I go into Sue's shop once a week; she's next door to the Murphy's Music Co. where my son takes guitar lessons. I love to chat with Sue about her art and techniques, as I paw through the beads in baskets and hanging on the walls. I swear I see something new every time. But there's almost always something I fondle every time I go in, and finally give in and buy it.
This week I had to have these turquoise shell coins!
As I created the jump rings I knew I'd need for each of the coins a vision of a mermaid tail came to mind.
I love working with wire, and the idea of a diamond shape covered in scales felt just right to show case the shimmeriness and pearliness of these beads.
After securing the bail I strengthened the wire, shaped in the diamond. I used a hard rubber mallet and that flat, iron, gadget which is actually a concrete curb shaper from the hardware store. I use my knees as a vice around the shaper's wooden handle (on the back side) and the flat side forms a table like surface.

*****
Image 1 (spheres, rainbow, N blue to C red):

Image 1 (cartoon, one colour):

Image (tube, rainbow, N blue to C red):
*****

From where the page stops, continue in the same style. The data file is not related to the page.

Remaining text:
I moved the bale ends up, and planned to create spirals with them. Now the fun begins. I decided to fill the top of the diamond with these great metallic and textured dark blue rounds. I began coiling one side of the diamond base just far enough to fit the bead in the crook; after coming out the other side of the bead I wrapped again around the frame to the point where the second row of dark blue beads would fit, adding a coin between them.
Then I resumed wrapping wire around the base until the next row would cross under the coin on the first row about 3/4ths of the way down (enough to show as much of the next row while keeping the first row from falling behind it). I continued in this manner, adding a dark blue bead to the beginning and end of each row, and using three lighter blue, smaller tube beads as spacers between the coins.
To finish the pendant I made a spiral from the bail ends and spread the loops at the top to form a "v". Here are back and front views.